More companies getting skin in the mobile payments game

February 1, 2017

Mobile payment technology has been around for years, but has only recently started to catch on with a portion of the population.

Mobile payment technology has been around for years, but has only recently started to catch on with a portion of the population. But as consumers become increasingly likely to have a handheld or wearable device with mobile payment capabilities, it also becomes more likely that this form of transaction catches on in a major way. The question for mobile payments is two-fold: What can be done to get both consumers and merchants more definitively onboard in the near future?

The good news is that mobile payment options are proliferating, at least in terms of companies that provide such platforms to smartphone or wearables users, according to Retail Touch Points. Major names in the tech sphere like Apple and Google have their well-known versions of mobile platforms, but newer entries from PayPal and Samsung recently entered the ring as well, and could soon engender greater adoption among a wider number of people.

Mobile payments are catching on, but are merchants ready to meet demand?Mobile payments are catching on, but are merchants ready to meet demand?

Why is that important?
Having more companies involved increases competition for what is currently a relatively small number of active mobile payments users, and the newer entrants are eager to make a name for themselves, the report said. For example, Samsung has more aggressively marketed its platform, and was rewarded by processing some 100 million transactions in its first year alone. But even with that surge, Samsung and PayPal only represented about 15 percent of mobile purchases in recent months, while Apple Pay enjoyed nearly two-thirds. As such, there’s still a long way for new competitors to go.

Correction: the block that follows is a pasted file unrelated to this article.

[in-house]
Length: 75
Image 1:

Getting more involved
Meanwhile, though, companies that aren’t directly interested in developing mobile platforms of their own still have a vested interest in pushing adoption simply because these transactions are more secure than other forms of payment, according to ZDNet. For instance, in an effort to get more merchants to start accepting mobile transactions, the payment processor Square recently announced it would allow merchants to process up to $12,000 in Apple Pay transactions without a processing fee. That represents a value of as much as $350 to the merchants that take the company up on its offer.

Square has already had some success in boosting mobile engagement with such an effort, the report said. In 2016, it offered a similar deal to retailers in Portland, Oregon, and saw the number of merchants that accepted Apple Pay increase 200 percent.

In addition, Target recently launched a mobile payments app of its own in an attempt to both engage the younger portion of its customer base – which tends to be more likely to use mobile platforms – and compete with other massive retailers that released similar options last year, according to PYMNTS. Right now, though, these mobile accounts can only be connected to existing Target-branded REDcard cardholders.

What this all means, though, is that consumers are more likely to expect mobile payments to be available at merchants of all sizes in the near future. As such, it’s vital for smaller companies that have yet to make the next step to EMV- and mobile-capable point-of-sale devices investigate their options and get involved as soon as possible.

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